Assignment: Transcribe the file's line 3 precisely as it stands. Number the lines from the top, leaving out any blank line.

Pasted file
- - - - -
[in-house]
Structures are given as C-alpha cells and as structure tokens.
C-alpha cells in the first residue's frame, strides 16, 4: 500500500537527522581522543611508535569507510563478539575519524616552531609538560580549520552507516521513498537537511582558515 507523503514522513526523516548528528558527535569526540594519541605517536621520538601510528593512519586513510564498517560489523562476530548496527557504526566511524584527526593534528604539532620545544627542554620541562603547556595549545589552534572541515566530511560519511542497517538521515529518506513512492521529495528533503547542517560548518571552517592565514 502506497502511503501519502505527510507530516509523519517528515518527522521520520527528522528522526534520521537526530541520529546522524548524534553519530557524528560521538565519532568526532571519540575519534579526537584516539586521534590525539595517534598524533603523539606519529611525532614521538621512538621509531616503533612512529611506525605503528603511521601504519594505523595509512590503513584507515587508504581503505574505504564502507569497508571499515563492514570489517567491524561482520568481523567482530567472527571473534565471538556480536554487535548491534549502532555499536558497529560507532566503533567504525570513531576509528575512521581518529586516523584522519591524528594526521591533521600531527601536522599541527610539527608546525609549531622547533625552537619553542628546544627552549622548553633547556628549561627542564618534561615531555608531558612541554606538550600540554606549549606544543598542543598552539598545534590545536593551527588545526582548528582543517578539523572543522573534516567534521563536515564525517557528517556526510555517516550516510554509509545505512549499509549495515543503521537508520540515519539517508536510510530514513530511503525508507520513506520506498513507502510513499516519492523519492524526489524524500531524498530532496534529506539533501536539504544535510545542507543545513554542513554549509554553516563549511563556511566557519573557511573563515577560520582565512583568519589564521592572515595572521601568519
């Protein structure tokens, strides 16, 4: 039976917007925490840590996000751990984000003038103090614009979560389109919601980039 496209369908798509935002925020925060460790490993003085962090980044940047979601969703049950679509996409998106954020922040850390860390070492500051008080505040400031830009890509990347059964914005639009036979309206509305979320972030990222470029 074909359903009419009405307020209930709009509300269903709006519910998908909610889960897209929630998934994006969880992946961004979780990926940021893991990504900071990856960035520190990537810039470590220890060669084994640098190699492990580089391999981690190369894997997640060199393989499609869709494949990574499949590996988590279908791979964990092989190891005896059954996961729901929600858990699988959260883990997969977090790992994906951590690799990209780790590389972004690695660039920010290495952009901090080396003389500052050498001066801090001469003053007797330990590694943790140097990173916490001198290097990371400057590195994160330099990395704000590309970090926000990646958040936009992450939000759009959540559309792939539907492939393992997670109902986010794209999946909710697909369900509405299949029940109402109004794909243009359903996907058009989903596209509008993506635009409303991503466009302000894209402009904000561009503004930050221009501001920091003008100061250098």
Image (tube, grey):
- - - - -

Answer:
C-alpha cells in the first residue's frame, strides 16, 4: 500500500537527522581522543611508535569507510563478539575519524616552531609538560580549520552507516521513498537537511582558515 507523503514522513526523516548528528558527535569526540594519541605517536621520538601510528593512519586513510564498517560489523562476530548496527557504526566511524584527526593534528604539532620545544627542554620541562603547556595549545589552534572541515566530511560519511542497517538521515529518506513512492521529495528533503547542517560548518571552517592565514 502506497502511503501519502505527510507530516509523519517528515518527522521520520527528522528522526534520521537526530541520529546522524548524534553519530557524528560521538565519532568526532571519540575519534579526537584516539586521534590525539595517534598524533603523539606519529611525532614521538621512538621509531616503533612512529611506525605503528603511521601504519594505523595509512590503513584507515587508504581503505574505504564502507569497508571499515563492514570489517567491524561482520568481523567482530567472527571473534565471538556480536554487535548491534549502532555499536558497529560507532566503533567504525570513531576509528575512521581518529586516523584522519591524528594526521591533521600531527601536522599541527610539527608546525609549531622547533625552537619553542628546544627552549622548553633547556628549561627542564618534561615531555608531558612541554606538550600540554606549549606544543598542543598552539598545534590545536593551527588545526582548528582543517578539523572543522573534516567534521563536515564525517557528517556526510555517516550516510554509509545505512549499509549495515543503521537508520540515519539517508536510510530514513530511503525508507520513506520506498513507502510513499516519492523519492524526489524524500531524498530532496534529506539533501536539504544535510545542507543545513554542513554549509554553516563549511563556511566557519573557511573563515577560520582565512583568519589564521592572515595572521601568519